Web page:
The Ordeal of Elizabeth Marsh: A Woman in World History

‘A remarkable book, both for its contents and because it is a new species of biography’
Guardian 26 May 2007

‘A tour de force of scholarly investigation’
New York Review of Books 27 September 2007

‘A fascinating and compulsively readable book, written with great elegance and insight’
Times Literary Supplement 2007

‘A minor miracle of biographical reconstruction… which slices across, and cuts deep into, huge areas of eighteenth-century life’
Sunday Telegraph 07 June 2007

‘A work of skewering historical precision and vast imaginative reach’
London Review of Books 21 June 2007

‘Like the best historians of any era, Colley had new questions to ask. Her answers have brought us a world in a book’
New York Times 16 September 2007

New York Times ‘best ten books of 2007’ Vintage (US) and Harper Perennial (UK) paperback editions 2008

The story of the exceptional life of the intrepid Elizabeth Marsh – an extraordinary woman of her time who was caught up in trade, imperialism, war, exploration, migration, growing maritime reach, and new ideas.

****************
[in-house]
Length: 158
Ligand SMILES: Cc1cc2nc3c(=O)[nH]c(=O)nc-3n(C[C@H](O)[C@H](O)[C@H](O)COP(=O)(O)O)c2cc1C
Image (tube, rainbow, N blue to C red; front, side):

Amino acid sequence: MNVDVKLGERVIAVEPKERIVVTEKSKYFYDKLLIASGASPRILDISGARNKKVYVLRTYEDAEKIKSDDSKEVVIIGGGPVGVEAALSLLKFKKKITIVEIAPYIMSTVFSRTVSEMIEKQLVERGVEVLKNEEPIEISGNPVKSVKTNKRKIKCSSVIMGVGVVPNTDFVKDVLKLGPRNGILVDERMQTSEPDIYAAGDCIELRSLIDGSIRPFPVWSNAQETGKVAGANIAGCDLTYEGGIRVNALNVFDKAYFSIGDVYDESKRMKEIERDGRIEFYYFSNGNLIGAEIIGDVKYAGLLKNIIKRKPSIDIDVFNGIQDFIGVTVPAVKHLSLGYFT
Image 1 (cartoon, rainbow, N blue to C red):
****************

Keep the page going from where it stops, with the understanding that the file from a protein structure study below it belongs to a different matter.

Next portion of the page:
This is a book about a world in a life. An individual lost to history, Elizabeth Marsh (1735-85) travelled farther, and was more intimately affected by developments across the globe, than the vast majority of men. Conceived in Jamaica and possibly mixed-race, she was the first woman to publish in English on Morocco, and the first to carry out extensive overland explorations in eastern and southern India, journeying in each case in close companionship with an unmarried man. She spent time in some of the world’s biggest ports and naval bases, Portsmouth, Menorca, Gibraltar, London, Rio de Janeiro, Calcutta and the Cape. She was damaged by the Seven Years War and the American Revolutionary War; and linked through her own migrations with voyages of circumnavigation, and as victim and owner, she was involved in three different systems of slavery.